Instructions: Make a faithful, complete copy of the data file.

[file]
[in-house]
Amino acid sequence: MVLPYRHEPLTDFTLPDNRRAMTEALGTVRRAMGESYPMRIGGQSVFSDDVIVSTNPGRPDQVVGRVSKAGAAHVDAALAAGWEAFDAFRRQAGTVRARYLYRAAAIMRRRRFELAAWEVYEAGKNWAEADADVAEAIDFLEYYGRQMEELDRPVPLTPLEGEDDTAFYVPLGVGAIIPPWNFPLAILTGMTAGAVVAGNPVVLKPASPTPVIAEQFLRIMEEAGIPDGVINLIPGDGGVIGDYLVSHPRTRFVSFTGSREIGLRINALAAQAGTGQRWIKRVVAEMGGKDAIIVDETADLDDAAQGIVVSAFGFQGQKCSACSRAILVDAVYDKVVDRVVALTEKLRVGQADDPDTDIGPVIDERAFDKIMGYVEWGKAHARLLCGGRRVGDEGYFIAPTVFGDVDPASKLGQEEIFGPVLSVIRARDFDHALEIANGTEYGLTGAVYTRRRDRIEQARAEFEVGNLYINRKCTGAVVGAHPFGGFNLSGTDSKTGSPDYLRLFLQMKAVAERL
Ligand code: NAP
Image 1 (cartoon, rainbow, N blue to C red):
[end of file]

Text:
[in-house]
Amino acid sequence: MVLPYRHEPLTDFTLPDNRRAMTEALGTVRRAMGESYPMRIGGQSVFSDDVIVSTNPGRPDQVVGRVSKAGAAHVDAALAAGWEAFDAFRRQAGTVRARYLYRAAAIMRRRRFELAAWEVYEAGKNWAEADADVAEAIDFLEYYGRQMEELDRPVPLTPLEGEDDTAFYVPLGVGAIIPPWNFPLAILTGMTAGAVVAGNPVVLKPASPTPVIAEQFLRIMEEAGIPDGVINLIPGDGGVIGDYLVSHPRTRFVSFTGSREIGLRINALAAQAGTGQRWIKRVVAEMGGKDAIIVDETADLDDAAQGIVVSAFGFQGQKCSACSRAILVDAVYDKVVDRVVALTEKLRVGQADDPDTDIGPVIDERAFDKIMGYVEWGKAHARLLCGGRRVGDEGYFIAPTVFGDVDPASKLGQEEIFGPVLSVIRARDFDHALEIANGTEYGLTGAVYTRRRDRIEQARAEFEVGNLYINRKCTGAVVGAHPFGGFNLSGTDSKTGSPDYLRLFLQMKAVAERL
Ligand code: NAP
Image 1 (cartoon, rainbow, N blue to C red):